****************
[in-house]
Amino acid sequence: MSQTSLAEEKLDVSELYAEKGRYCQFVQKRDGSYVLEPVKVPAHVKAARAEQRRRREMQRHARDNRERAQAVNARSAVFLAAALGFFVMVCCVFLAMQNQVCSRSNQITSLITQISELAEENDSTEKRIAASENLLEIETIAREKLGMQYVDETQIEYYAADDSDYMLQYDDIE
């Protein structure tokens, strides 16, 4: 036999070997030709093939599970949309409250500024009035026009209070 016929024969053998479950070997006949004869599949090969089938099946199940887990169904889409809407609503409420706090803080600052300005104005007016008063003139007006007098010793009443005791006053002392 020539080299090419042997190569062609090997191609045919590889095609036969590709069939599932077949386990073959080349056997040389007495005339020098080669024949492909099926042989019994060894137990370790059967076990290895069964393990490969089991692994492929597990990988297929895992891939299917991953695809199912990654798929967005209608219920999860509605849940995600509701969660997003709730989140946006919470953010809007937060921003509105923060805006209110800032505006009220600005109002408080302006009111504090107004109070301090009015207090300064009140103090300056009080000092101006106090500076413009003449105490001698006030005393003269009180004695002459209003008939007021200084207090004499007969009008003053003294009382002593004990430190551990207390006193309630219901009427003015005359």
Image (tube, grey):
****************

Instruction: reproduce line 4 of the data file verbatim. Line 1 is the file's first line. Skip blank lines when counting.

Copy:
Image (tube, grey):